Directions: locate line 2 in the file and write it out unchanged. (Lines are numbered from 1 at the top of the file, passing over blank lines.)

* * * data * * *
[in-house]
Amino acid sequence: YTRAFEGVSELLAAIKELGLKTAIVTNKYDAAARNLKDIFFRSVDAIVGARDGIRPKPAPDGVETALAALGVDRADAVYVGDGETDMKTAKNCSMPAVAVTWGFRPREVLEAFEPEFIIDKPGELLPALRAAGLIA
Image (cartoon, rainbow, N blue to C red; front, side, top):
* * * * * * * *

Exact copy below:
Amino acid sequence: YTRAFEGVSELLAAIKELGLKTAIVTNKYDAAARNLKDIFFRSVDAIVGARDGIRPKPAPDGVETALAALGVDRADAVYVGDGETDMKTAKNCSMPAVAVTWGFRPREVLEAFEPEFIIDKPGELLPALRAAGLIA